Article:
New Polls Show Voters More Negative on Obamacare
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The Fiscal Times
March 25, 2014

While the White House ramps up its final push to sell Obamacare this week, the majority of Americans are skeptical of the new law and believe that it will lead to higher healthcare costs and lower quality coverage.

Some 60 percent of people say they believe Obamacare will cause their personal healthcare costs to increase in the long run, a new survey released Tuesday by the Morning Consult, a healthcare tracking poll found. Meanwhile, 28 percent said their costs would likely remain unchanged, and 11 said they think their costs would go down.

Related: Americans Want to Fix, Not Repeal Obamacare

The survey of 2,192 likely 2014 voters, also found that many respondents expect the law to negatively impact their lives. Forty-one percent said they think Obamacare will make their lives worse. Meanwhile, 35 percent said it wouldn’t have an effect on them and 24 percent said they expect it to improve their lives.

Despite the negative views of the law, the majority of the survey respondents said they do not want the law repealed, defunded or delayed. This is in line with another survey from Hart Research that found the majority of Americans prefer to fix rather than repeal the law.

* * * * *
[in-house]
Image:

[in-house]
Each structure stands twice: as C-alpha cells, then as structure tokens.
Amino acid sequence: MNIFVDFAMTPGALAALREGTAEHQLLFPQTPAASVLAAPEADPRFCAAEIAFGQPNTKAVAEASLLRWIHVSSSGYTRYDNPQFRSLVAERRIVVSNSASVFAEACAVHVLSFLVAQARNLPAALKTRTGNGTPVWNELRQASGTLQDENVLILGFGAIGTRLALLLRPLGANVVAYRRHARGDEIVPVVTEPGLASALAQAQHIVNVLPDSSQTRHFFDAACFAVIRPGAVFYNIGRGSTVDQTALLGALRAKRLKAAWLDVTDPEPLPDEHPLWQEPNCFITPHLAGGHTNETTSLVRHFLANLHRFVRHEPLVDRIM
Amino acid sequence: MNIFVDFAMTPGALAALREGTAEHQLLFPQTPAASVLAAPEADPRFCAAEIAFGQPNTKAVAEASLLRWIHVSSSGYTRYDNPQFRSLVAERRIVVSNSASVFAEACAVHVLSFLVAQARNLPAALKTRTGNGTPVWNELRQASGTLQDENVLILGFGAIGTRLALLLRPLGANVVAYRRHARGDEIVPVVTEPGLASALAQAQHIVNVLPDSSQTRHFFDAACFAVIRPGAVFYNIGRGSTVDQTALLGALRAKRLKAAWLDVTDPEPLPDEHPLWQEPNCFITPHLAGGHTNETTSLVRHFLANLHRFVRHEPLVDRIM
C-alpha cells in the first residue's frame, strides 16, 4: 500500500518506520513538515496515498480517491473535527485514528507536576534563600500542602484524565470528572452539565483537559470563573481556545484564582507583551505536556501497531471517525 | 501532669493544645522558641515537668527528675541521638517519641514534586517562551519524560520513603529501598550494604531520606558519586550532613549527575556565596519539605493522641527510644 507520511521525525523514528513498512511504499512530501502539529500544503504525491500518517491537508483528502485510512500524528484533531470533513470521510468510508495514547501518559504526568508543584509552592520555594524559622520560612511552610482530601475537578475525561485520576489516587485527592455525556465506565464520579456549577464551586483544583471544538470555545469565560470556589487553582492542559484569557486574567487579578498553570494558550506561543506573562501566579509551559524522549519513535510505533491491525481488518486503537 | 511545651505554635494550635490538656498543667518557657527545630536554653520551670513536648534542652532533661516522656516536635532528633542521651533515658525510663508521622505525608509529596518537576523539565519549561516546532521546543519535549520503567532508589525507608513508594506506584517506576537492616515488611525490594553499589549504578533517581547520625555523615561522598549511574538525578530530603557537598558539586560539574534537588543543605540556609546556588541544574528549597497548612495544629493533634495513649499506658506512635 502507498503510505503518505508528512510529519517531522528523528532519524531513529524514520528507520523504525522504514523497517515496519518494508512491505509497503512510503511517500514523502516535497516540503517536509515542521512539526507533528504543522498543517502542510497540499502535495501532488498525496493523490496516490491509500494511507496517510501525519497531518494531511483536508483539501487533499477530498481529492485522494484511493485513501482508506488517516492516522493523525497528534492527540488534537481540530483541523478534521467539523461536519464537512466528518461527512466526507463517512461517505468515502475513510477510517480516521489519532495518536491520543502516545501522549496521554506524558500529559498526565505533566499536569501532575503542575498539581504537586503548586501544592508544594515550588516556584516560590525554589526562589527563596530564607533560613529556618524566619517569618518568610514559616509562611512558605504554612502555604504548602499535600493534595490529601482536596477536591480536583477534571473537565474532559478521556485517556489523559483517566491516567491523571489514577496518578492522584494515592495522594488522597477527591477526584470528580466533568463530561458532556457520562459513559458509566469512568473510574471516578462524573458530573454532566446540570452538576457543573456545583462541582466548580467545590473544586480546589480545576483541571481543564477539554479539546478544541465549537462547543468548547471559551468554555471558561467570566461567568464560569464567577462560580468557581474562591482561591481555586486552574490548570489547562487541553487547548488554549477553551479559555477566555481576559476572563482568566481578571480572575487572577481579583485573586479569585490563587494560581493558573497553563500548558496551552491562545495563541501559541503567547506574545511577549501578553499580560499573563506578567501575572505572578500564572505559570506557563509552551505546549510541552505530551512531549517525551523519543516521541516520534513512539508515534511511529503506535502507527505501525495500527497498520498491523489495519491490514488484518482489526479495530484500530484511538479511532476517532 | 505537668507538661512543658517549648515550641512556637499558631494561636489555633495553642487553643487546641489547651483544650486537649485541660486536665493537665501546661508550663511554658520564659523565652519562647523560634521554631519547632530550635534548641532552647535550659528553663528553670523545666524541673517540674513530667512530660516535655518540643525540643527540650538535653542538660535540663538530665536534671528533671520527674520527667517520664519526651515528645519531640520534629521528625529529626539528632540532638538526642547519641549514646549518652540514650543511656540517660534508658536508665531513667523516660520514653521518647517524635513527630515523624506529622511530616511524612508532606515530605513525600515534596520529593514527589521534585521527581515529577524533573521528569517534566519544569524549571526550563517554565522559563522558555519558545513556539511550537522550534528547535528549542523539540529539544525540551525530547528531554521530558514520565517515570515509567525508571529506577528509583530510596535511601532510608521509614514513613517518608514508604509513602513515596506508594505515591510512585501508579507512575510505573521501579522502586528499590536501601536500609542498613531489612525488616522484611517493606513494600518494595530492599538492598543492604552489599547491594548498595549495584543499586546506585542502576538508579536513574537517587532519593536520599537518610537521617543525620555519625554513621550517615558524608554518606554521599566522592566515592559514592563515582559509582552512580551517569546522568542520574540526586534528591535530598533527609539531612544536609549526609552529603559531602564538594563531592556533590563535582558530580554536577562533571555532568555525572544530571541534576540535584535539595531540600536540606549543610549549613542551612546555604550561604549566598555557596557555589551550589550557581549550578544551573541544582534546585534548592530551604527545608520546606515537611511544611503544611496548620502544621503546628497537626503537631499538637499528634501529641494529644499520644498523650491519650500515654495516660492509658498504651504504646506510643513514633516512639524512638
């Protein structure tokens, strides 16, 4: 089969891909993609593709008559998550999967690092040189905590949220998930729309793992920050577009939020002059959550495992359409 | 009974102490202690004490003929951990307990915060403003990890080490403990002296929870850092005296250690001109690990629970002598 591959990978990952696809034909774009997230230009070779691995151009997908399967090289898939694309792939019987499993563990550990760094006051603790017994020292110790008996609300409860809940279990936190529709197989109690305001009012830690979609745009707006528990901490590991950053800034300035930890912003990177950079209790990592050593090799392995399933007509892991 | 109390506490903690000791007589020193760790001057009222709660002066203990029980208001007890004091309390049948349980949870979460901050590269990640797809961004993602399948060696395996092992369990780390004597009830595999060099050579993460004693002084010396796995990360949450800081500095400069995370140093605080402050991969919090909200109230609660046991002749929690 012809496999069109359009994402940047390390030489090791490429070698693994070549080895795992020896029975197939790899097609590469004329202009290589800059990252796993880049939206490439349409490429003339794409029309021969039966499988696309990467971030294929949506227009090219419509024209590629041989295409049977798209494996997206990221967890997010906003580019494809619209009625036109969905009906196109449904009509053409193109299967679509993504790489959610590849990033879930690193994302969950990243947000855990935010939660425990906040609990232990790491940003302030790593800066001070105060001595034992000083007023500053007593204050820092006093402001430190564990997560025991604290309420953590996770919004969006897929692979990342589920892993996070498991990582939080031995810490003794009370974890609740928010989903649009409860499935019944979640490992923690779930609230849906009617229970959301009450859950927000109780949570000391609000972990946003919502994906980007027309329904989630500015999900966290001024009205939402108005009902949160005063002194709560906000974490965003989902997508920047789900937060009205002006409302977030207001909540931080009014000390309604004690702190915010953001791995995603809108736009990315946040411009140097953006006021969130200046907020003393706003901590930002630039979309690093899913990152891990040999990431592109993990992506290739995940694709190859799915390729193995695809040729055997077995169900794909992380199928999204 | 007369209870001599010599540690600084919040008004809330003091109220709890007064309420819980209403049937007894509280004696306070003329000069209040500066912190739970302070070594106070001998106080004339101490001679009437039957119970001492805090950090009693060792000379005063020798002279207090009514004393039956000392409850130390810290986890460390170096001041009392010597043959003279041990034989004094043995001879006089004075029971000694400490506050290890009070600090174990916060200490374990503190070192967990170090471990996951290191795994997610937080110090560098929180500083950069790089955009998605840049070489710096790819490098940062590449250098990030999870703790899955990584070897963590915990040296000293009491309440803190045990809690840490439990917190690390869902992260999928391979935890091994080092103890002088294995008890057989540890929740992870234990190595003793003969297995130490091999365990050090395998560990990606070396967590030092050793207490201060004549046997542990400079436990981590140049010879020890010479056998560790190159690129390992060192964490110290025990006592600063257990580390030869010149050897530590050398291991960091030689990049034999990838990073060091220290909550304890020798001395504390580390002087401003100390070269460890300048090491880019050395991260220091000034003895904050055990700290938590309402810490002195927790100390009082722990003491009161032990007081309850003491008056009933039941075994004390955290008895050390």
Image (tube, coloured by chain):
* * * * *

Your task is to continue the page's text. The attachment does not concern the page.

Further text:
These findings suggest that the GOP’s Obamacare strategy of repeal and replace is not satisfying the public. So far, House Republicans have voted to repeal or dismantle the law at least 50 times. Sixty-two percent said they want Congress to either make changes to improve Obamacare, leave it as is or expand it. Just 34 percent said it should be repealed, defunded, or delayed. 

Still, approval of the law has trended downward in the last month from 45 percent in February to 41 percent in March. About 53 percent say they disapprove of the law, up from 40 percent in February. As The Hill notes, approval of the law is lower than it was in 2010 when Republicans swept the midterm elections. 

The GOP has already made clear that attacking Obamacare will be their primary strategy going into campaign season. Meanwhile, some Democrats are embracing the health care law and plan to highlight how many people have gained coverage through the new exchanges this year. House Minority Leader Nancy Pelosi even called Obamacare a winning issue for Democrats in the midterms. 

“This isn’t about politics. This is about the health of America,” she said at a press conference last week. “We don’t weigh its value as to what it means politically. We weigh its value as to what it means to the health, well-being, economic and health security of America’s families. Just because people say, I don’t want to repeal it, but I do want to fix it, doesn’t mean they’re walking away from it.”

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Washington Correspondent Brianna Ehley, based in D.C., covers Congress, government agencies and spending issues, health care, and tax and economic policy for The Fiscal Times.